Behind the Music (in two Sentences or Less)

Editor's Note: We welcome freelance developer, Joey Anuff, back to the StepZen blog to tell us about a cool project he built using popular APIs available in the StepZen GraphQL Studio. For the full code for the project, visit Joey's GitHub repo at januff/stepzen-spotify-knowledge.

The boxes of summarized information that appear beside Google search results? Those are Google’s “knowledge panels,” so-called because they’re powered by Google’s Knowledge Graph, a knowledge base launched in 2012 and currently boasting more than 500 billion facts on 5 billion entities.

Google Knowledge Graph A reintroduction to our Knowledge Graph and knowledge panels (Google Keyword blog, 2020)

Largely derived from Wikipedia text, data from the Knowledge Graph has some appealing qualities to API-handy developers: a zillion concise factual summaries being one, and a daily allocation of 100,000 free APIs calls being another.

This makes it an ideal secondary API to augment any sort of entity-heavy data, Spotify’s API being a perfect example. And whereas cramming random Google queries into one’s Spotify data pipeline might otherwise be a cumbersome bit of orchestration, StepZen makes such coupled API calls irresistibly easy.

Moreover, StepZen’s new GraphQL Studio, which includes presets for both APIs, makes it easier than ever to deploy a working demo and try it for yourself. Just follow the 5 steps below and you’ll have a hybrid Spotify/Knowledge endpoint deployed in minutes.

1. Select Spotify and Google Knowledge Graph APIs

To start, open GraphQL Studio by visiting (No login required.) In the schema browser on screen left, you’ll find a list of pre-built API schemas, arranged alphabetically under All Schemas. Select Google Knowledge Graph Search and Spotify by clicking their respective (+) buttons.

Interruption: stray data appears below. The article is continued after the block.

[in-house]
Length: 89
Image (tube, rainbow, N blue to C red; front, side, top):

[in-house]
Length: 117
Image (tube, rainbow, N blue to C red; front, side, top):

Select Schemas in Studio

You can immediately execute the example queries, if you toggle active StepZen’s mock data feature. Mock Data in Studio

2. Generate a Google API key and a Spotify bearer token

To test queries against live data, you’ll need to generate an API key for Google and a bearer token for the Spotify API.

API keys

The Google API key is relatively straightforward: just register a new app in your Google Cloud Project dashboard and enable the Knowledge Graph API at (Find the API by name using Google’s “Welcome to APIs & Services” search bar.)

API keys

Unlike Google’s API key–which never expires–Spotify’s API requires an OAuth token, which only lasts for a duration of 3600 seconds (aka an hour.) Since the Spotify developer console includes a handy token generator at the bottom of each method, I just kept such a window open for fast token regeneration while experimenting. (Alternately, also easily generated in Postman.)

API keys

With your Google key and Spotify token plugged into the configuration options for each API, you’ll be able to run live requests instantly in GraphQL Studio.

API keys

3. Setting your API keys locally (and in the cloud)

Since we’re interested in customizing StepZen’s example queries, though, you’ll want to click the Publish button on the top right of GraphQL Studio, and then choose Download and Build, which will yield a ready-to-use schema starter folder, requiring only the plugging in of keys and running of stepzen start from your terminal window to get going.


There’s nothing terribly mysterious about StepZen’s file structure, you’ll notice: foldered graphql files for Spotify and Google, an index.graphql tying them together, a stepzen.config file with your project name, and a config.yaml, where you’ll paste your key and token.


3A. Testing in GraphiQL

After running stepzen start --dashboard=local from your terminal, you’ll also be given the url for a live endpoint running a GraphiQL explorer.